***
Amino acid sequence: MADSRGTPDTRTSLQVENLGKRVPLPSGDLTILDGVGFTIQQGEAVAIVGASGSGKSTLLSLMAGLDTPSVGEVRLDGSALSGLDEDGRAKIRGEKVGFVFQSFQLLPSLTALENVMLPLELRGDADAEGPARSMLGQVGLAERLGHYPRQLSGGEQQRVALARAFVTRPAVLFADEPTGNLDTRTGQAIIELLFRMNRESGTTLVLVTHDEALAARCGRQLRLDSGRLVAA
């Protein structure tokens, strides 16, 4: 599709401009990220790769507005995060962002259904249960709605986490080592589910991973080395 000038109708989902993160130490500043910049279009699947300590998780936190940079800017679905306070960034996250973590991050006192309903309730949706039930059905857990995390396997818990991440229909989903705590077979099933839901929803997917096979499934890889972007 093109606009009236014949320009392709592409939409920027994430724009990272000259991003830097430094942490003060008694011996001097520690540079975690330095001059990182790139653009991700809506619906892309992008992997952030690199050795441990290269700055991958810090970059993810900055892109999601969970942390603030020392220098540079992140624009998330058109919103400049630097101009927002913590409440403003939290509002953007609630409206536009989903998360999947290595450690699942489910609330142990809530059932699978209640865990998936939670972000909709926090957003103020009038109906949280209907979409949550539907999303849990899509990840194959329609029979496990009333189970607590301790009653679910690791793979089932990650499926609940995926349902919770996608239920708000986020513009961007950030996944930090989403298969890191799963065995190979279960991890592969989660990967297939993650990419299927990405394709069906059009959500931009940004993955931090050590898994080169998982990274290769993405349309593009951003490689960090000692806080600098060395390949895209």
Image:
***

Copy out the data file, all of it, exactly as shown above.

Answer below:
Amino acid sequence: MADSRGTPDTRTSLQVENLGKRVPLPSGDLTILDGVGFTIQQGEAVAIVGASGSGKSTLLSLMAGLDTPSVGEVRLDGSALSGLDEDGRAKIRGEKVGFVFQSFQLLPSLTALENVMLPLELRGDADAEGPARSMLGQVGLAERLGHYPRQLSGGEQQRVALARAFVTRPAVLFADEPTGNLDTRTGQAIIELLFRMNRESGTTLVLVTHDEALAARCGRQLRLDSGRLVAA
């Protein structure tokens, strides 16, 4: 599709401009990220790769507005995060962002259904249960709605986490080592589910991973080395 000038109708989902993160130490500043910049279009699947300590998780936190940079800017679905306070960034996250973590991050006192309903309730949706039930059905857990995390396997818990991440229909989903705590077979099933839901929803997917096979499934890889972007 093109606009009236014949320009392709592409939409920027994430724009990272000259991003830097430094942490003060008694011996001097520690540079975690330095001059990182790139653009991700809506619906892309992008992997952030690199050795441990290269700055991958810090970059993810900055892109999601969970942390603030020392220098540079992140624009998330058109919103400049630097101009927002913590409440403003939290509002953007609630409206536009989903998360999947290595450690699942489910609330142990809530059932699978209640865990998936939670972000909709926090957003103020009038109906949280209907979409949550539907999303849990899509990840194959329609029979496990009333189970607590301790009653679910690791793979089932990650499926609940995926349902919770996608239920708000986020513009961007950030996944930090989403298969890191799963065995190979279960991890592969989660990967297939993650990419299927990405394709069906059009959500931009940004993955931090050590898994080169998982990274290769993405349309593009951003490689960090000692806080600098060395390949895209």
Image: